Joanne Daniels-Finegold sometimes carries a shovel on the back of her wheelchair because she’s never quite sure what conditions she’ll find at bus stops.

Sometimes, she finds ice and heaps of snow blocking her path to a bus shelter, which leaves her with a few unfortunate choices to get where she needs to go: drive her wheelchair into the street near traffic, or dig out the bus stop herself.

The MBTA is responsible for removing snow and ice from all MBTA properties. But when it comes to the thousands of bus stops across the Boston area, which are mostly located on municipal sidewalks, it’s a shared responsibility. The MBTA clears snow from 15 of its busiest routes, but the duty is less clear for the more than 100 other routes. Those bus stops often fall under different snow removal ordinances, and clearing them may be the responsibility of the state, city, town, private property owner or business owner.

Advocates say this lack of uniformity can lead to snow and ice not being properly removed at bus stops, and disabled riders don’t know who to contact to complain.

“And it’s not just a problem for people who are older, or people who are not steady on their feet. It’s a problem for people who are pushing strollers ... it’s a problem for someone rolling luggage along,” Daniels-Finegold said. “We need to recognize the fact and deal with it, frankly.”

Daniels-Finegold, who is 71 and lives in Braintree, was the lead plaintiff in a class-action lawsuit that resulted in extensive improvements to accessibility on the MBTA. The 2006 settlement called for the MBTA to develop a plan to coordinate with cities and towns to make sure bus stops are accessible, including plans for snow removal.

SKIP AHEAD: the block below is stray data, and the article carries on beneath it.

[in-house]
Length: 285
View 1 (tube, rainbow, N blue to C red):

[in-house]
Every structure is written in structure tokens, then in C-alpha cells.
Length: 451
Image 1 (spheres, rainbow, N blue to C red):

A large snow bank blocks a bus shelter.
A bus stop in Braintree in 2015 that Joanne Daniels-Finegold needed to use.
Courtesy of Joanne Daniels-Finegold

Yet still, each winter, disabled riders say they come face-to-face with frustrating conditions.

“There’s something inequitable here. A lot of people who use buses are low-income people, [they] need public transportation,” said Taramattie Doucette, a senior attorney at Greater Boston Legal Services, which represented the plaintiffs in the MBTA accessibility case. Collaboration is key, she says.

“What has to happen is that there needs to be a coordinated effort, between municipalities, the MBTA, even MassDOT,” Doucette said. “People would think it falls on the shoulders of the MBTA. But we say no, it’s a shared responsibility. Everyone has to take part in this.”

The MBTA’s bus service encompasses roughly 8,000 stops across more than 50 different cities and towns.

“Nine out of ten times when we’re talking about a bus stop, we’re talking about a city sidewalk. We really rely on the municipalities to clear snow and ice in order to make sure that our services are safe and accessible for everybody,” said Laura Brelsford, assistant general manager of MBTA Department of System-Wide Accessibility, which was created in 2007 as part of the settlement. “The volume of city sidewalks that we would be touching is simply not feasible for an agency the size of the MBTA.”

Brelsford said, over the past year, they’ve been developing a plan to better communicate with municipalities about accessibility and clarify responsibilities when it comes to snow removal. In January, the MBTA hired a new director of government affairs to oversee municipal engagement.

“We very much recognize that resources are limited,” Brelsford said. “I think that is one of the major barriers to making real progress on this. I think the reason often that cities and towns point back to us [the MBTA] is because they don’t have the resources to take on additional snow-removal responsibilities.”